Pop, politics and Pyramid Stage record-breakers come to the fore at Glastonbury 2024

Glastonbury 2024 drew to a close on Sunday night, after a packed weekend of live performances and debates ahead of this week’s general election.

The annual festival at Worthy Farm seemed to end on a high note despite the annual grumbles, as organiser Emily Eavis defended what many deemed to be an underwhelming lineup.

Some argued that booking Coldplay, returning to headline for a record-breaking fifth time, was a cop-out. Others scratched their heads over SZA, arguably a much bigger star in her native US than here in the UK. Dua Lipa’s latest album, meanwhile, had failed to produce the kind of megawatt hit that promised to get the Pyramid Stage crowd energised.

The Independent’s critics disagreed with that consensus. Covering the 28-year-old Lipa’s set, Jazz Monroe praised the pop singer for her moments of “cheeky theatricality” and a celebration of alternative culture that saw her bring out a “comically low-key guest”, Tame Impala’s Kevin Parker, who produced her latest record Radical Optimism.

Mark Beaumont gave Coldplay’s Saturday night show five stars, moved by a surprise appearance by Back to the Future star Michael J Fox during a poignant rendition of “Fix You”, as well as guest performances from Laura Mvula and rapper Little Simz.

Some sets were blighted by sound issues. Glastonbury did a disservice to two of its veteran performers, Shania Twain and Cyndi Lauper, as both artists appeared to be affected by technical difficulties during their own performances on the Pyramid Stage.

Shania Twain performing on the Pyramid Stage (PA Wire)
Shania Twain performing on the Pyramid Stage (PA Wire)

In the Legends Slot on Sunday, country-pop star Twain was seen fiddling with her mic box and in-ears, as she gestured repeatedly to the sound crew. However, this was resolved when she was practically drowned out by the euphoric singalong to “Man! I Feel Like a Woman” as the closing song in her set.

Critics also complained that Glastonbury organisers had failed to spot the true crowd-pleasers on its lineup, with pop-punk queen Avril Lavigne and Nineties trio Sugababes drawing huge numbers on the smaller stages. “This is a brilliant show, but Glastonbury must learn lessons from a year that has vastly underestimated the appeal of pop nostalgia, and overestimated the interest in many performing over at the Pyramid,” Adam White wrote of Lavigne’s slot.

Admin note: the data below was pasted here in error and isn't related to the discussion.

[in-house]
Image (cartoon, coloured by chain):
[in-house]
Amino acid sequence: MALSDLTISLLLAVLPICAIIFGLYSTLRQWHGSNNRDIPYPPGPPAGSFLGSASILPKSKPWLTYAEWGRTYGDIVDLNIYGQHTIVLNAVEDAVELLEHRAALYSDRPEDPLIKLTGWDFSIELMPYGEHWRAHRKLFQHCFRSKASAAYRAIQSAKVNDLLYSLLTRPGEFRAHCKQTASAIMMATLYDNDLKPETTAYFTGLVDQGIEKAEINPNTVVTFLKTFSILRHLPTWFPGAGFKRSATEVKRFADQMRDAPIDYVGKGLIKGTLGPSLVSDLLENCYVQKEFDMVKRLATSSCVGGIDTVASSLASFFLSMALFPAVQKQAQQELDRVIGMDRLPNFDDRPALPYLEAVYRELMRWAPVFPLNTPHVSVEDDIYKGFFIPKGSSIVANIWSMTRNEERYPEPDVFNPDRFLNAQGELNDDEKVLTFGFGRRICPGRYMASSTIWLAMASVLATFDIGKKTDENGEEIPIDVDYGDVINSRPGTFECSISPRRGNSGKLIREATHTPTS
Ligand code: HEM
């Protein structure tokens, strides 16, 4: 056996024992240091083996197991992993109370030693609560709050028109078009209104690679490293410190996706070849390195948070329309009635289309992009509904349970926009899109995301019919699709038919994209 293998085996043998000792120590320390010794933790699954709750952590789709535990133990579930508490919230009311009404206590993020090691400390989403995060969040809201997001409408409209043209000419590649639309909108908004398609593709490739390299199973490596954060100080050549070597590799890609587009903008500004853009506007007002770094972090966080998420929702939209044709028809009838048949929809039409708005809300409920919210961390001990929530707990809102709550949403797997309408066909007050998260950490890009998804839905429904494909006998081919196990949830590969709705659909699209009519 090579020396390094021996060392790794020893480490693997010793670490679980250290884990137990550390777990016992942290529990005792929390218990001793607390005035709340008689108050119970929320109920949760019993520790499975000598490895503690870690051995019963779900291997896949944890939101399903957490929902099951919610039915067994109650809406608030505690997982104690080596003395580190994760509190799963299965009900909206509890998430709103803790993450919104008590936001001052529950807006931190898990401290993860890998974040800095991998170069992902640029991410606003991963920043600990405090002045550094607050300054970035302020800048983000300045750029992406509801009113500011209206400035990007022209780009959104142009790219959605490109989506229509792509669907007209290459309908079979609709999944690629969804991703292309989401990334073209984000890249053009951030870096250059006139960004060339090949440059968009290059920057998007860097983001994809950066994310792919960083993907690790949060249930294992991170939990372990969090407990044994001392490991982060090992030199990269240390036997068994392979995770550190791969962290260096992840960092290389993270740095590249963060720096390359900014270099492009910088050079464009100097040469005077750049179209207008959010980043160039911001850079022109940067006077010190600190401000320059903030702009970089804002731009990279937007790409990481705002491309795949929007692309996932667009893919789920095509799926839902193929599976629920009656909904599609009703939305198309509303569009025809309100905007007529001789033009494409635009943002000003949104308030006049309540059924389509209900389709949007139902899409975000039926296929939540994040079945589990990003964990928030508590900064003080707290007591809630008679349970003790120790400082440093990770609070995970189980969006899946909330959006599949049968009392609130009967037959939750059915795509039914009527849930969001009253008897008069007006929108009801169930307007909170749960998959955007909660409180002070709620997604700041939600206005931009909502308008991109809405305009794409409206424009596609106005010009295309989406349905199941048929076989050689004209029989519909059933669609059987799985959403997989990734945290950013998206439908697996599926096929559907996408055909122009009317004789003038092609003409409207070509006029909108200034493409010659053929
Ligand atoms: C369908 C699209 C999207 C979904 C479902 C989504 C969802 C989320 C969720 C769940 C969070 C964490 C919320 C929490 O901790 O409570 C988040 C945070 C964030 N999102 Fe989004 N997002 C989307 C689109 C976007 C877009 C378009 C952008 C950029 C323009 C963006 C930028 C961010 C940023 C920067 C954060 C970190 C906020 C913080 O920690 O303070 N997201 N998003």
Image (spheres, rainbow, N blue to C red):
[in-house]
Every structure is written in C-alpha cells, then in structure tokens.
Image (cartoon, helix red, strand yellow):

Avril Lavigne kicks up a storm on the Other Stage at Glastonbury Festival 2024 (Getty Images)
Avril Lavigne kicks up a storm on the Other Stage at Glastonbury Festival 2024 (Getty Images)

The famously left-leaning festival didn’t shy away from politics over its five days. Despite MPs being forced to pull out ahead of the general election on 4 July, stars engaged in debates about everything from the climate crisis to the Israel-Palestine conflict.

Musicians were more succinct: rock band Idles raised eyebrows as they led their audience in chants of “F*** the King” while a small boat with models depicting young refugees – later revealed to be the work of enigmatic street artist Banksy – was floated over the crowd. Damon Albarn appeared to swipe at both Joe Biden and Donald Trump after their dismal CNN performance, as well as calling on his audience to express their support for Palestine.

A Banksy work appeared in the crowd during IDLES’s Glastonbury 2024 set (X/Twitter/ @MrCarb1)
A Banksy work appeared in the crowd during IDLES’s Glastonbury 2024 set (X/Twitter/ @MrCarb1)

On Sunday, under grey skies, One Direction star Louis Tomlinson became the festival’s unlikely hero, as he brought a TV to the fields so football fans could tune into England’s Euro 2024 game against Slovakia. “You are the god of this festival,” an enthusiastic BBC reporter told him.

The festival came to a close as US R&B star SZA took to the Pyramid Stage, performing to an unusually sparse audience for a headliner, as she was faced with a number of other major sets on other stages around Worthy Farm. The Grammy winner seemed undeterred, putting on a dazzling show and only pausing to help rescue fans who needed help in the crowd.

“Though not yet a household name in the UK, she is the perfect conduit for our heightened empathy,” critic Jazz Monroe wrote in his review. “Too cerebral to raise the Pyramid roof but potent enough to eke out our last reserves of euphoria.”